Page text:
You just can't have a dystopian science fiction film without some evil scientists lurking behind the scenes — or even right out front. Remember the good old days when Satanists and corporate overlords were responsible for everything terrible? Why are scientists turning into bad guy clichés?
It's one of those things that has become so common that you don't really think about it. But let's just contemplate some recent bad guys, shall we? Remember how The Avengers was supposedly about Loki being a bad guy, but was actually about how Dr. Selvig screwed everything up when he decided to experiment with the Tesseract? Sure, S.H.I.E.L.D. is to blame too, but the scientist sets everything in motion. Then there are the scientists who try to kill everybody in Divergent, the scientists who make the apes hate humanity in the new Planet of the Apes series, pretty much every psycho on Fringe, and of course the manufacturers of pretty much every zombie plague from the one in 28 Days Later to the one in Helix.
Even the creepy bastards from the 1970s in Lost were scientists. You meet a scientist in a story, and you can be sure that she's either helping the bad guys with their cyber or their mutant strain or both.
Maybe it's because our stories are full of plotholes and we just want some scientists to plug them up? Marine biologist David Shiffman wrote recently on his Facebook page, in response to The Maze Runner:
I, personally, am getting tired of the bad guys in science fiction movies being scientists. In this case, scientists who, somehow, after global civilization has completely collapsed, manage to get the resources to build one of the largest and most complex pieces of technology ever built (a giant maze that changes every night).
Why did they build it? To better understand how the human brain works by seeing how people respond to crazy challenges, even though they already have an advanced enough understanding of the human brain to selectively erase certain memories but not others. There's gotta be a more effective and much cheaper method to study behavior, even disregarding the horrible things they did to children in the maze.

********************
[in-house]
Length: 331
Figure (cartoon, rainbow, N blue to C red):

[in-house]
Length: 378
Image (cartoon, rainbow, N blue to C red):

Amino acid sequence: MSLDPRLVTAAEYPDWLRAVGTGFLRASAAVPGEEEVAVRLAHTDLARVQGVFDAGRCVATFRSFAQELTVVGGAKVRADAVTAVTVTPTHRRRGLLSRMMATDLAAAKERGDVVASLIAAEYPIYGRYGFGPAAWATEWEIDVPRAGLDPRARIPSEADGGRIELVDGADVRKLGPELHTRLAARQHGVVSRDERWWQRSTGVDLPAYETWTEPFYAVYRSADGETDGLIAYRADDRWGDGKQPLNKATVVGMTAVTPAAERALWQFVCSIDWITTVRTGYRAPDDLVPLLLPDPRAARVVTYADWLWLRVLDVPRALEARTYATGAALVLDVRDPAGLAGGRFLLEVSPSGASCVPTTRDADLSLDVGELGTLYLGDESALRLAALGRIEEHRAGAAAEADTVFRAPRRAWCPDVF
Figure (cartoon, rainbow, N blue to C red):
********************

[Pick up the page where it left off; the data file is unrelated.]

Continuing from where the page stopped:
It's bad enough seeing scientists portrayed as evil and heartless, but being evil and heartless for reasons that don't even make any goddamn sense?
It actually does make sense, though, if you consider that most people feel so alienated from the scientific process that they think science is all just incomprehensible. It doesn't help that anti-science politicians often try to represent laboratory work as a bunch of nonsense.
The flip side of the "science as incomprehensible" idea is that science is basically magic. And that's another notion that runs through many of those evil scientist stories. Many of the maniacal scientists in Fringe, for example, might as well have been evil wizards. Same goes for the ones we see in superhero movies (Bolivar Trask, anyone?). Again, you can only have representations like this when most people feel like they just don't understand science.
This problem helps explain why we have so many mad scientists in movies, but so few mad cooks. Even if you don't like to cook, or aren't good at it, you aren't likely to think of cooking as something that is profoundly incomprehensible and therefore responsible for almost anything. And this is why I think the best way to combat evil scientist characters isn't necessarily to have "nice" or "goofy" scientists like the ones in The Big Bang Theory or (gag) Scorpion. Instead, we need to make science itself less mysterious.
That means making more shows like Cosmos, but it also means making smart thrillers like Interstellar and Person of Interest too. Any time you can get a show or movie to teach people that science is more like cooking than like magic, it's a lot harder to turn scientists into ciphers. Doing this may mean that loses a little of its magic, but we will all gain a better understanding of the universe — and better stories, too.